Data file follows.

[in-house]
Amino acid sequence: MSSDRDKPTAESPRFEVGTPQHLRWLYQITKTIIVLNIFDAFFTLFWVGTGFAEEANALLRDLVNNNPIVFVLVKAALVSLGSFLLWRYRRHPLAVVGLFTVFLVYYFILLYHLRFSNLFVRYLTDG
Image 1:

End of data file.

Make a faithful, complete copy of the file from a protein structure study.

[in-house]
Amino acid sequence: MSSDRDKPTAESPRFEVGTPQHLRWLYQITKTIIVLNIFDAFFTLFWVGTGFAEEANALLRDLVNNNPIVFVLVKAALVSLGSFLLWRYRRHPLAVVGLFTVFLVYYFILLYHLRFSNLFVRYLTDG
Image 1: